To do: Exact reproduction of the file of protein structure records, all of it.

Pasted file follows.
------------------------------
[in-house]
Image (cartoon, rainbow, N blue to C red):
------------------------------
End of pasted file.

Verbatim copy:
[in-house]
Image (cartoon, rainbow, N blue to C red):